This is when it sank in. I was given the opportunity to make a difference for LGBT rights.
As I testified, I can recall being extremely nervous yet passionate. This was my chance to make sure that my story was not in vain. No one should ever have to go through what I have been through. For this reason I, along with many other LGBTQ students, are in support of SB 1146.
SB 1146 has since passed the Assembly and is on it way through appropriations to be voted on August 18, before it reaches the governors desk. Many Christian Universities since the beginning have been in opposition of this bill, for obvious reasons. The bill's intention in its original form was not to alter any religious beliefs or teachings.
Because these religious universities receive federal funds, this bill only asks that these schools stop discriminating against LGBTQ students, follow federal laws, and allow ALL students to participate in such educations, regardless of sexual orientation or gender identity.
Unfortunately, SB 1146 was amended. This was in response to the major opposition being flooded into the legislature by many bigoted Christians who only read the rumored headlines of what the major Christian institutions and universities were telling them, such as "California Bill Would Ultimately Erase Religious Schools."
This amendment ultimately removed the section where a student could sue if they were expelled for their sexuality and added a section that states every religious institution is required to report any and all expulsions to the Student Aid Commission. Prior to that amendment, every religious university was against the bill including WJU, stating "we strongly oppose this bill unless amended." Since the amendment, WJU and many universities are no longer in opposition of SB 1146, but rather in favor of it, now that they can no longer be sued for discriminating. Yet they all claim that they don't discriminate.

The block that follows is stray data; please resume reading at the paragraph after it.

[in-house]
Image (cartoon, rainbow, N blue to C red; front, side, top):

Since speaking in the State Capitol, I have been flooded with media outlets asking for interviews. It is because of the support of my amazing partner Colby, my parents, my family, his family, and some amazing friends, that I have been encouraged to keep on fighting for the right thing. I have been given the opportunity to speak on behalf of all LGBTQ students who are both religious and non-religious and fight for what is right in today's society. Working alongside a California State Senator, his team, and Equality California to promote a new law, in favor of something, which once had a major personal effect on my life, has given me hope once again. I have found support in my state, and its law makers who fight hard for and with me, to make sure no student has to go through what I already have.
Though this bill now includes a major amendment, it is still a small stepping stone in making history for the civil rights movement, especially for the LGBTQ community and a gateway to the future of LGBTQ rights.
SB 1146 even as amended has done itself justice, in the fact that it has put such religious institutions in the spotlight, using stories like mine, to show that they do in fact discriminate. Unfortunately as the law has it right now, they legally can, and legally will continue to discriminate against the LGBTQ community.
I am proud of what Senator Lara and his team have accomplished with SB 1146. I will always know that because I was courageous enough to come forward with my story, I along with some amazing California lawmakers will be making history.
I, and my writings stand firm in the belief that we are all created equal, and should be treated that way. I have not given up in my fight and will continue to speak out for LGBTQ equal rights, as a human, a Christian, a member of the LGBTQ community, and hopefully one day as an openly gay politician just like Senator Lara.